Witnessing the chaotic and sometimes inexplicable madness of Israeli politics, academics and wags have often compared Israel to another politically “difficult” Mediterranean state with hot weather and hotter politics—Italy.

And yet despite sharing with Italy the reputation for political and bureaucratic chaos and instability, Israel, particularly since the 2000s, has been able to flourish despite the manifest failings of its political system. A judicious history of Israel over the last decade would focus on its strong economic growth, generally improved diplomatic relations with neighbors near and far, and the more limited character of the conflict with the Palestinians. Even as the European Union certainly made Italian trains run on better time, this is not a record that Italy, a country on the brink of economic crisis, has been able to match.

Now, however, Israeli politics are looking dangerously Italian—a perilous situation to be in in the Middle East. After a second election in under 12 months, neither Benjamin Netanyahu’s Likud nor Benny Gantz’s Blue and White have been able to form a workable coalition in the 120-seat Knesset. Yet another election has been scheduled for March, and it could prove as inconclusive as the first two. Though Benjamin Netanyahu, also facing indictment, remains prime minister for now, Israel now effectively has no functioning government.

There are, no doubt, many causes for the present crisis. The unwillingness of Jews in the Jewish state to agree on something as important as a government might prompt many Jewish jokes. I would submit, however, the principal cause of the crisis is the founding form of Israeli elections: proportional representation, or PR, a system in which different parties gain seats in proportion to the number of overall votes they have received. Israel has conducted elections based on PR since its founding, as indeed did the institutions of the pre-state Yishuv. And, throughout, PR has damaged the ability of the country to achieve stable and strong governments. If Israel was able to survive or flourish despite PR, the current crisis raises some serious concerns about its ability to do so in the future.

What, exactly, is PR? To be sure, the system, practiced in countries as diverse as New Zealand, Germany, and, yes, Italy, has quite a few local variations. Yet the core idea is the allocation of power or seats in a parliament to a party or candidate in direct proportion to the absolute number of ballots received. Thus, if the “Reformed Menshevik” Party led by Rogachevsky, say, receives 13% of the national popular vote in a hypothetical Republic of Pinsker, the party is allotted the equivalent of 13% of seats in the national parliament. It would not matter how specific “Reformed Menshevik” candidates perform vis-a-vis candidates from other parties. Properly speaking, the politicians who will fill the banks of parliament do not directly face the voters at all. The number of representatives each party gets is simply determined by the absolute vote. Each party can come up with its own way of determining who gets in and why. In Israel, this is the famous “ordered party list” often worked at party primaries.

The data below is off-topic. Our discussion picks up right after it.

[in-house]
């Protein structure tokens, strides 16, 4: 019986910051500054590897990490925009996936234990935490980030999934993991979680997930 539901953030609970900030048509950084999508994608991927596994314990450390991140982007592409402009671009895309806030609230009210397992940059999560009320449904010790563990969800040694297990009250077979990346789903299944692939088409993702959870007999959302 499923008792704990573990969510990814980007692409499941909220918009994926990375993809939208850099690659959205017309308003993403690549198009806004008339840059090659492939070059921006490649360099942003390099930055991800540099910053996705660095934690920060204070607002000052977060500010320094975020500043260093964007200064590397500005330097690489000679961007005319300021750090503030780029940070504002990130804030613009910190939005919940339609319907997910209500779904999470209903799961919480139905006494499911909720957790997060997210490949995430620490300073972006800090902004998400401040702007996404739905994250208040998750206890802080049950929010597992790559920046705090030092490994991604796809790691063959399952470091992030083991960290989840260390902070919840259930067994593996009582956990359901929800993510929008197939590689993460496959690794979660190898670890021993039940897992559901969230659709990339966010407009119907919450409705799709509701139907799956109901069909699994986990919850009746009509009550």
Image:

To its proponents, PR is clear, elegant, more given to compromises, and democratic—more democratic allegedly than the first-past-the-post electoral system in Britain, the U.S., and Canada, where the country is divided up into specific territorial districts and party candidates compete for the votes of voters within that district. In practice, this means the exclusion or minimization of certain smaller parties from parliament or congress. Even if the Canadian Green Party wins some small chunk of the national vote in an election, it won’t succeed in entering parliament unless it manages to win specific districts. Thus, many votes for such parties are said to be “wasted.”

PR as a basis for democratic elections is a step-grandchild of the Swiss political-philosopher Jean-Jacques Rousseau. According to Rousseau, if a political community is to be worthy of the name, it must represent the “general will” of all of its members.

First-past-the-post fails this test since it seems to exclude the votes of those who vote for candidates who don’t manage to win their ridings or districts. Indeed, first-past-the-post more closely hews to the theory of the English political-philosopher John Locke, who wrote of representative government that was accountable to specific people in specific locations.

The chief advantage of proportional representation seems to be the warm feeling of every voter that their vote matters regardless of whether their neighbors lean a very different way. Yet in practice, PR typically leads to weak, chaotic, or nonexisting governments, as has often occurred in Germany, Italy, and now Israel.